Precise Selection

      I suggest reading a bit on the Pen tool from the Help section, or just playing with the tool for a while. If you want to skip doing that, you can still follow this tutorial.

    3. Step 3 :

      If you’re familiar with using the Pen tool to follow an image’s outline, you can just continue on to the next step.

      Otherwise, use the Pen tool and click on the edge of the item you want to select to create what is called an Anchor Point. Trace out the item’s outline using the Pen tool using as many Anchor Points as you want/need. Every single click creates a new Anchor Point.

      Precise Selection

      As with the previous method, feel free to zoom in as much as you need. It will make the tracing out easier.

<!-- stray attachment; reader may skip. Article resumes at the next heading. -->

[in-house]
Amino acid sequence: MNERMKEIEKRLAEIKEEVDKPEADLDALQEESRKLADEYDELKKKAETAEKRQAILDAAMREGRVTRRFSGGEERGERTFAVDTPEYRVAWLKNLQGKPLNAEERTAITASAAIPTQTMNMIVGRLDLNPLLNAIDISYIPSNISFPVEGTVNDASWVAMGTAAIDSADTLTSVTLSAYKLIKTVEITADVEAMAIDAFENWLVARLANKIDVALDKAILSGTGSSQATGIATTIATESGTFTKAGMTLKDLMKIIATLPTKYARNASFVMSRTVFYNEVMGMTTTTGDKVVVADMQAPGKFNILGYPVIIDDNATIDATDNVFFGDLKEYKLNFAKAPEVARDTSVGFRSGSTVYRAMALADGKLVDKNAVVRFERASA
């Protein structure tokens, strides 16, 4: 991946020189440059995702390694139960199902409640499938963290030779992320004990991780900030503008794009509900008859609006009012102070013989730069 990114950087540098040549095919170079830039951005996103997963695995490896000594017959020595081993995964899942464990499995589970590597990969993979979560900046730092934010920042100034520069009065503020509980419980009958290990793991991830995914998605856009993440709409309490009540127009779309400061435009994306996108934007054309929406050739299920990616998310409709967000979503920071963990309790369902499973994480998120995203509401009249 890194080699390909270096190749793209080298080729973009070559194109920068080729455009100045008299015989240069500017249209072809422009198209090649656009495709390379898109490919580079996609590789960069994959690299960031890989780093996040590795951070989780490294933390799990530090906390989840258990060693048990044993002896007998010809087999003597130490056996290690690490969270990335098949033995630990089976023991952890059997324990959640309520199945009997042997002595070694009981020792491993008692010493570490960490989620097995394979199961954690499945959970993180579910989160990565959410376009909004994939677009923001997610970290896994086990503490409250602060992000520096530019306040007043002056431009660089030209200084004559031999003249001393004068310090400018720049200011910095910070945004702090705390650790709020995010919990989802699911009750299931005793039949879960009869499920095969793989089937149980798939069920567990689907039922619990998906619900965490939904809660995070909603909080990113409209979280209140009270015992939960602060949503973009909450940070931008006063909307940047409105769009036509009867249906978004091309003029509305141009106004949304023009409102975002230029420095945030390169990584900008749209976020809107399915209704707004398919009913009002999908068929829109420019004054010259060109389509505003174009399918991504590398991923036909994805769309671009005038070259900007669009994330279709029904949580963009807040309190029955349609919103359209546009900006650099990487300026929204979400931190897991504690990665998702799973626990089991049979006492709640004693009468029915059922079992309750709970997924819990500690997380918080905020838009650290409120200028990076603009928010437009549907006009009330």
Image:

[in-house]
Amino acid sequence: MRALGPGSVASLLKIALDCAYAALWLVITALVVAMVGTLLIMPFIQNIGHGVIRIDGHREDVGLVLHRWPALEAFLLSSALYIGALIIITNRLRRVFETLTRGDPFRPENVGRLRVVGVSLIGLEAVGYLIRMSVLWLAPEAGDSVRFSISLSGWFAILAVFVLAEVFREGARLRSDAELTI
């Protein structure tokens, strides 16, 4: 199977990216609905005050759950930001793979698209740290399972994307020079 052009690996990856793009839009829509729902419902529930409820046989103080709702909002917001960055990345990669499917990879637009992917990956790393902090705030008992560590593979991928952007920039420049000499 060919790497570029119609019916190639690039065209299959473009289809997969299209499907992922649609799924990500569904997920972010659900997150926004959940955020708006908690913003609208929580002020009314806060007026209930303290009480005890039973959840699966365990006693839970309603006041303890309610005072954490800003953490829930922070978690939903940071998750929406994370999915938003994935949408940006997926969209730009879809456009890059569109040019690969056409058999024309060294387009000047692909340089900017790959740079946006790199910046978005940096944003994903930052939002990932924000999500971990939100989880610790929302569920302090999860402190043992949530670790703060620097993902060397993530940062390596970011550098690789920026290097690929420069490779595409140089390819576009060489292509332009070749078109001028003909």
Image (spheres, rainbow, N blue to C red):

Note : Should you click on a wrong place, press the Delete button to clear the last Anchor Point you created. Be careful, though. Pressing the Delete button a second time will delete the rest of the path (the lines and Anchor Points that are created are called Paths) that is left, which you might want. If you want to delete off the next Anchor Point, click on it first before pressing the Delete button.

    4. Step 4 :

      When you’re almost done tracing out the item using the Pen tool, click on the first Anchor Point that you created to close the path. When you hover over the first Anchor Point, you will see the Pen cursor change to have a circle beside it. When you close the path, all the Anchor Points you’ve created will become one solid path line.

      Precise Selection

      To save the path that you have worked so hard to create, go to the Paths tab (Windows > Paths, if you don’t see it), and double-click on the Work Path layer. Enter a name for it, if you like, and click Ok to save it. Now that path is accessible via Paths tab everytime you open the document you’re working on. Each newly-created path needs to be saved like this.

    5. Step 5 :